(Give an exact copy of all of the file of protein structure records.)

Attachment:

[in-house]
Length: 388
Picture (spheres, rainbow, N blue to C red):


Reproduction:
[in-house]
Length: 388
Picture (spheres, rainbow, N blue to C red):